The killing fields can be found all around
For the reader who dares to believe that human nature is inherently good, it's not the blood and gore in violent books that disturbs most profoundly. It's the sudden and terrible single-mindedness of the violent mind – the possibility that when it comes down to it, we are really just puppets of our basest instincts: to avenge, to hurt, to kill. The three works of fiction reviewed this month are meditations on troubled souls touched by the sinister tentacles of violence.
Italy's Carlo Lucarelli proves that the dark and sinister are better evoked when one opts for unadulterated grit and grime. His political espionage thriller “Carte Blanche” is classic noir, a slim, taut, stylish volume that unfolds in the midst of the political upheaval that tossed Italy from the Germans to the Allies during World War II, with every cop, count and collaborator double-crossing the others to avoid prosecution.”
Caught up in this baleful snarl is the novel's protagonist, Commissario DeLuca, who has changed allegiances so many times he can't get people to call him by his proper job title (“It's Commandante no longer, signore”). The war rages around him, drowning him in insomnia, close calls and torrents of blood, much of it on the hands of people from within his own social circle. One can't help imagining if one's own family and friends wouldn't succumb to similar betrayals – one of the greatest horrors of war.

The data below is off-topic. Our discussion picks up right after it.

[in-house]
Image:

As with many crime thrillers, where the characters enter grandiosely, provide clues and are abruptly whisked out of the story, Lucarelli's novel is a bit lacking in character development. It's a short novel, and DeLuca is the one man we really get a feel for. But happily, “Carte Blanche” is part of a trilogy, so maybe Lucarelli's witty, alluring women get more exposure in the next installment.
By Tiffany Lee-Youngren